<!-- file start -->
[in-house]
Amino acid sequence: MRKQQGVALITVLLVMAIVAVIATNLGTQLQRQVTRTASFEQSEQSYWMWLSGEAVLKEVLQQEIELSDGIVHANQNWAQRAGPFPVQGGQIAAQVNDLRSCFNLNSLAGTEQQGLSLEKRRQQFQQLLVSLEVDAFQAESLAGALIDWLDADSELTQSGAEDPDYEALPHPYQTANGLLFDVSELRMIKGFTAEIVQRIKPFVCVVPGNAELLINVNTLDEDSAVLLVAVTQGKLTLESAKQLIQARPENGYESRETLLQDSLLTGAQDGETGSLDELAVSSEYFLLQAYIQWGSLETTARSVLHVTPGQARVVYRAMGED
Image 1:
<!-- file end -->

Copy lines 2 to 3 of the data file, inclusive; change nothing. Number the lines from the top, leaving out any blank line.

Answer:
Amino acid sequence: MRKQQGVALITVLLVMAIVAVIATNLGTQLQRQVTRTASFEQSEQSYWMWLSGEAVLKEVLQQEIELSDGIVHANQNWAQRAGPFPVQGGQIAAQVNDLRSCFNLNSLAGTEQQGLSLEKRRQQFQQLLVSLEVDAFQAESLAGALIDWLDADSELTQSGAEDPDYEALPHPYQTANGLLFDVSELRMIKGFTAEIVQRIKPFVCVVPGNAELLINVNTLDEDSAVLLVAVTQGKLTLESAKQLIQARPENGYESRETLLQDSLLTGAQDGETGSLDELAVSSEYFLLQAYIQWGSLETTARSVLHVTPGQARVVYRAMGED
Image 1: